“WHAT THE HELL DID THEY ALL DIE FOR”; This was the sombre lament of yesterday’s Daily Mail headline. Contrast this sobering concession to their Doomsday September 2002 headline twenty years earlier, “45 Minutes from Attack” parroting the now famously refuted claims from Tony Blair’s Government that Saddam Hussein’s autocracy in Iraq had the military capacity to wage Weapons of Mass Destruction upon Anglo-American frontiers within 45 minutes. The alleged WMD’s did not exist and a Ministry of Defence official, namely Dr David Kelly, sought to sound the alarm by revealing to the then BBC Radio 4 Today Show defence correspondent Andrew Gilligan that such intelligence had deliberately been ‘Sexed Up’ by elements of the Blair administration.  

By Garrett Byrne    

Yesterday, the Islamist – formerly US backed – Taliban usurped the Afghan Government in what seemed an uncontested victory. Later the militant fanatics were filmed parading around the Presidential Palace in Kabul as exclusive images surfaced from Qatari satellite Al Jazeera. Incredulous for some – the US Pentagon perhaps? – and far more credulous and palpable for others namely downtrodden Afghan citizens. Yet this time round, the tenor of newspaper coverage in Britain echoed desistance and reflection. This marked a deviation away from the sabre-rattling and rhetorical anti-western aggression which historically characterised the propensity of British publications to advance the cause of foreign intervention.  This seems something of an epochal moment. The bastions of opinion forming in Liberal and Conservative publications alike seem no longer wedded (for now) to the moribund ideas of Western hegemony being fruitlessly exercised in overseas combat to export ‘Democracy’ in vain. The public has awoken to the aggregate of ugly realities culminating from the series of botched Anglo-American interventions of the last two decades.  

Acting Sgt Sean Binnie was killed in Afghanistan in May 2009; his mother has proclaimed his death to be in vein after the Taliban retook control of Afghanistan, BBC

Thousands of working-class Britons die, punctuating an already seething sentiment wherein the have nots of this country seem more readily prepared to relinquish their lives for service in unedifying juxtaposition to their Etonite Governors. Suicide, PTSD (post-traumatic stress disorder), and homelessness are amongst the myriad of socio-psychological challenges which typically skyrocket upon the return of valiant UK veterans from the gruesome battlefields in the gulf.  Last April, Scotland’s flagship Tabloid newspaper the Daily Record reported a 15-year statistical high in military related suicides. To contextualize, the spike reported 15 years ago incidentally coincided with the aftermath of the Iraq War….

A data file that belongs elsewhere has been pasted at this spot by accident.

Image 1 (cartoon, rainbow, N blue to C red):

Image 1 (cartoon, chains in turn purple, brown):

The terror experienced abroad becomes a domestic terror for those British families of who powerlessly see far too many loved ones succumb to the emotional wounds upon their return to the motherland. Indications that the incumbent Conservative Government are prepared to make fundamental realignments in its posturing on the international stage in the context of capriciously shifting global power balances seem scarce. Envision a fleet of Russian ships encircling the English Channel on a sweltering day in June with British tourists watching nonchalantly from Brighton Pier. Reckon the Ministry of Defence would buy that Russia was inoffensively conducting ‘Freedom of Navigation operations as prescribed by International Law’?  Or would the conceivable response from Britain be threats of a strong Anglo-American response, mass expulsion of Russian diplomats, and a 10-page Daily Mail feature detailing the events resonances of post-war Soviet expansion? Perhaps with Jeremy Corbyn’s face also superimposed on the Russian vessel decorating the front page.  

The Daily Mail’s Front Page, The Daily Mail

This week’s Taliban victory over NATO, America and Great Britain has become something of a microcosm which is signifying the broader failure of Western military flexing and nation-building in the most conflict-plagued region in the world. Given the emergent multi-polar world settlement, Britain should start opening new diplomatic channels to reap the greatest dividends post-Brexit and pivot away from the wars of old.  After leaving the supranational trading body – The European Union – they are now behind their Eastern counterparts, who have forged strategic trade alliances. Britain must follow the multipolar avenue to see Truss successfully join the Trans-Pacific pacific partnership. That will shut Merkel (albeit outgoing) and the commissioners at Brussels up!  

The war on terror is over. And the medieval militia’s ascent to Kabul’s Presidential Palace proves that the very war charged with defeating terror has inadvertently restored it. With the Taliban now in charge, and thus far little indications on the extent of radicalism they will apply to its regime and beyond, there could well be a security situation that overshadows the Pivotal ‘last chance’ Cop 26 Climate Summit in November. Never mind Stratton’s comments about dishwashers; neuralgic neighbours such as Iran, Pakistan, China, and India could suffer collaterally. This would not be a formula for regional stability in what is already a geo-strategic tinderbox. 

If this materialises? Well, it does not look like Washington or Westminster will have the perfect solutions given their previous endeavours….. 

Published by The Gown Queen's University Belfast

The Gown has provided respected, quality and independent student journalism from Queen's University, Belfast since its 1955 foundation, by Dr. Richard Herman. Having had an illustrious line of journalists and writers for almost 70 years, that proud history is extremely important to us. The Gown is consistent in its quest to seek and develop the talents of aspiring student writers.

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